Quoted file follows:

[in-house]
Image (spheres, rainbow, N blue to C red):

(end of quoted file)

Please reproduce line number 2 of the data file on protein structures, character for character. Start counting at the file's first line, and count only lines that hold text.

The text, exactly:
Image (spheres, rainbow, N blue to C red):